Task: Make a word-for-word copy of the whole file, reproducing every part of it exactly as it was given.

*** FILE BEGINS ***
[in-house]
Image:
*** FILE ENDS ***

[in-house]
Image: